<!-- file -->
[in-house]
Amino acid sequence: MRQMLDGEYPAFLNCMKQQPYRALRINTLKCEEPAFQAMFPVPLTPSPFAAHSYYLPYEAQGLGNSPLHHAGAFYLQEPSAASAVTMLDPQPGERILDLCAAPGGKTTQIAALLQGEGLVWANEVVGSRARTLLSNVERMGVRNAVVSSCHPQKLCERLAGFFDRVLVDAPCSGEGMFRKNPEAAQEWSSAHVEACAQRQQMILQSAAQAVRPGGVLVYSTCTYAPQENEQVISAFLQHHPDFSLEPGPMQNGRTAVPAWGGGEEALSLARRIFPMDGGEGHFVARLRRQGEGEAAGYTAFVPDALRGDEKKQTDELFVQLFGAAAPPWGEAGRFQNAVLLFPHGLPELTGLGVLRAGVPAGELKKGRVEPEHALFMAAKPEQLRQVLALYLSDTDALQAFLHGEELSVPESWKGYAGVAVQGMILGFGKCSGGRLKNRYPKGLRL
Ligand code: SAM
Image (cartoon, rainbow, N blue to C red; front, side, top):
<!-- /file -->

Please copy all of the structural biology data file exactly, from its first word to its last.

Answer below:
[in-house]
Amino acid sequence: MRQMLDGEYPAFLNCMKQQPYRALRINTLKCEEPAFQAMFPVPLTPSPFAAHSYYLPYEAQGLGNSPLHHAGAFYLQEPSAASAVTMLDPQPGERILDLCAAPGGKTTQIAALLQGEGLVWANEVVGSRARTLLSNVERMGVRNAVVSSCHPQKLCERLAGFFDRVLVDAPCSGEGMFRKNPEAAQEWSSAHVEACAQRQQMILQSAAQAVRPGGVLVYSTCTYAPQENEQVISAFLQHHPDFSLEPGPMQNGRTAVPAWGGGEEALSLARRIFPMDGGEGHFVARLRRQGEGEAAGYTAFVPDALRGDEKKQTDELFVQLFGAAAPPWGEAGRFQNAVLLFPHGLPELTGLGVLRAGVPAGELKKGRVEPEHALFMAAKPEQLRQVLALYLSDTDALQAFLHGEELSVPESWKGYAGVAVQGMILGFGKCSGGRLKNRYPKGLRL
Ligand code: SAM
Image (cartoon, rainbow, N blue to C red; front, side, top):